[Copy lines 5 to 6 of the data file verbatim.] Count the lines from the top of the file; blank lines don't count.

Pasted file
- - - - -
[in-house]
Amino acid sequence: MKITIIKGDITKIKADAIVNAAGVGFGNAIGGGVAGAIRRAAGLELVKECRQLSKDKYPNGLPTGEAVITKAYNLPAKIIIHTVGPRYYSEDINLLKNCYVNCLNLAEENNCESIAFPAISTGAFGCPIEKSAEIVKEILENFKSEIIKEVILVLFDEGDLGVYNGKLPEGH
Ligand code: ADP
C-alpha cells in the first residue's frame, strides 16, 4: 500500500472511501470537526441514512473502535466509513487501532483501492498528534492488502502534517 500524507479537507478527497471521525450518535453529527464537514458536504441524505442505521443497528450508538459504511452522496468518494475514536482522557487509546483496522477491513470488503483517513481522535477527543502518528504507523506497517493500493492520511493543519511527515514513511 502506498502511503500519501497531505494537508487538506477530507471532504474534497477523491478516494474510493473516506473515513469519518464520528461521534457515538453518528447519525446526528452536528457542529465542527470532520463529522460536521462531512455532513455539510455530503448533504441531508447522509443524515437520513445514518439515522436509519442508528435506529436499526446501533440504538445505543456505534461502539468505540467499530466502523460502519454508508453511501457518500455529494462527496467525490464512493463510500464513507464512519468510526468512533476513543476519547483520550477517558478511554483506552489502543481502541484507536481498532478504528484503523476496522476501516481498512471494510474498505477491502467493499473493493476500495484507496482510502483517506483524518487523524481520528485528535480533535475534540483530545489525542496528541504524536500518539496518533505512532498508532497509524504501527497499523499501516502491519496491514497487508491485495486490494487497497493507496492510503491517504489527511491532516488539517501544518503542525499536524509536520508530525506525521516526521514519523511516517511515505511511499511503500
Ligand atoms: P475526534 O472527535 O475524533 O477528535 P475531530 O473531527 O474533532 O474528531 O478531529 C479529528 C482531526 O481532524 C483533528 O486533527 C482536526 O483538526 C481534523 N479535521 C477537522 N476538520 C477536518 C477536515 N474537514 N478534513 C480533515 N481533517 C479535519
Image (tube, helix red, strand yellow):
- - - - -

Ligand atoms: P475526534 O472527535 O475524533 O477528535 P475531530 O473531527 O474533532 O474528531 O478531529 C479529528 C482531526 O481532524 C483533528 O486533527 C482536526 O483538526 C481534523 N479535521 C477537522 N476538520 C477536518 C477536515 N474537514 N478534513 C480533515 N481533517 C479535519
Image (tube, helix red, strand yellow):